The Egyptian Initiative for Personal Rights (EIPR) has called upon the Egyptian government to reassess their “repression mechanisms” in a report issued this month.
The report addresses cases of violence in Egypt from 30 June 2013 to 17 August 2013. The report covered events beginning with the ouster of former president Mohamed Morsi and the acts of violence that followed.
“This was the worst violence seen in the country since Egypt’s independence, leaving thousands dead and wounded in just six weeks”, said the report.
The organisation concluded that “the state bears the major responsibility for the high number of casualties”. The organisation said the excessive force of the state was mostly attributed to the lethal force used in response to demonstrations or the failure to protect lives and property of citizens subjected to violence by non-state groups.
It added that the state’s use of violence can be traced back to its dealings with demonstrations surrounding Morsi’s ouster in early July 2013.
“The violence began and later escalated, when on 3 July the armed forces deposed President Mohamed Morsi and appointed an interim government headed by Judge Adli Mansour, the chief justice of the Supreme Constitutional Court,” read the report.
Since 3 July, the country witnessed waves of violence, which came to a peak during the violent dispersal of pro-Morsi sit-ins at Rabaa Al-Adaweya and Nahda Squares.
What followed was a series of retaliations that varied from attacks on Coptic Christians, police officers, and unarmed civilians.
The first part of the report examined events with an unprecedented level of civil violence where “the absence of the state was the main source of escalation”. The report stated that between clashes in Moqattam on 30 June, and clashes in Bayn al-Sarayat on 2 July, at least 53 people were left dead and hundreds of others injured. The report also cited the clashes in Manial, during which four others were killed.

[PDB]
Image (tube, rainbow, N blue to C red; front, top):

The report moved on to discuss the dispersal of the sit-in in front of the Republican Guard Club, where 61 people were left dead, and the demonstrations in Al Mansoura, where four female protesters were killed. The section ended with the Nasr Road eventswhere security forces confronted pro-Morsi supporters, leading to the death of 91 people.
The report then discussed the violent dispersal of the Rabaa Al-Adaweya and Al-Nahda squares on 18 August, and the sectarian violence that erupted in Upper Egypt in response.
“43 churches came under attack. Of these, 27 of were looted and burned almost or entirely to the ground, while 13 churches were partially looted and their doors and windows vandalised or destroyed; shots were fired at three churches. The attacks also struck seven schools and six Christian associations, including two medical centres and an orphanage,” the report stated.
EIPR provided steps the security apparatus should have taken to limit the violations.
“Security forces should have observed two main principles when clearing the sit-ins at Rabaa and Al-Nahda: proportionality and good administration,” the organisation asserted. The report advised that in the case that the government should use its “repression mechanisms”, it should devise a number of scenarios and plan to how to respond to each one.
EIPR stated Egypt’s security and legal apparatuses “may require far-reaching changes and reform of the political system and the scope of operation of the security apparatus, and a much clearer emphasis, concluding with various recommendations.
Recommendations included the investigation of state officials in the interior ministry and armed forces, as well as the formation of an independent committee of security and legal experts and civil society representatives to develop policy and amend laws
The report stressed on repealing the protest law in its current form, which was issued by decree of interim president Adly Mansour on November 2013. The law putsheavy restrictions on demonstrations and organisation, and expression of opinion, with participants being given jail sentences.
The report closed by emphasising the importance of making legal amendments that would address incitement to violence without “infringing on the right to the peaceful expression of opinion”.